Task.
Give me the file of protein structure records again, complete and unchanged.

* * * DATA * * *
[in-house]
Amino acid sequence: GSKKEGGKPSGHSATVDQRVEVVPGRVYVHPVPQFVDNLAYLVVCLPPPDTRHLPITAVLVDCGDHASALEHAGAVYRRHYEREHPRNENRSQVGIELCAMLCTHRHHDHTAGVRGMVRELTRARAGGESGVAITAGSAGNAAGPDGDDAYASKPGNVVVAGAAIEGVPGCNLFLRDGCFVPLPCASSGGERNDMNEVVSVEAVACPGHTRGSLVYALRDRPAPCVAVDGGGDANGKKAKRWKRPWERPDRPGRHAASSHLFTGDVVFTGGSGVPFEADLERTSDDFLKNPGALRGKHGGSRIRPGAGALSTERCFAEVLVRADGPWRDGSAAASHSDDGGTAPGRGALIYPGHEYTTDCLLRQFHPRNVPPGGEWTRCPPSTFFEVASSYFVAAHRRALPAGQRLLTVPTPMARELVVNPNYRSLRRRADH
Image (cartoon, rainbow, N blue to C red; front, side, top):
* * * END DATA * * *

[in-house]
Amino acid sequence: GSKKEGGKPSGHSATVDQRVEVVPGRVYVHPVPQFVDNLAYLVVCLPPPDTRHLPITAVLVDCGDHASALEHAGAVYRRHYEREHPRNENRSQVGIELCAMLCTHRHHDHTAGVRGMVRELTRARAGGESGVAITAGSAGNAAGPDGDDAYASKPGNVVVAGAAIEGVPGCNLFLRDGCFVPLPCASSGGERNDMNEVVSVEAVACPGHTRGSLVYALRDRPAPCVAVDGGGDANGKKAKRWKRPWERPDRPGRHAASSHLFTGDVVFTGGSGVPFEADLERTSDDFLKNPGALRGKHGGSRIRPGAGALSTERCFAEVLVRADGPWRDGSAAASHSDDGGTAPGRGALIYPGHEYTTDCLLRQFHPRNVPPGGEWTRCPPSTFFEVASSYFVAAHRRALPAGQRLLTVPTPMARELVVNPNYRSLRRRADH
Image (cartoon, rainbow, N blue to C red; front, side, top):